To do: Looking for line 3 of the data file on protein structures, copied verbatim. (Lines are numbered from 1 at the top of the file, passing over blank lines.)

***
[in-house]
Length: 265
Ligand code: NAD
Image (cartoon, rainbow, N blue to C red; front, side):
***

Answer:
Ligand code: NAD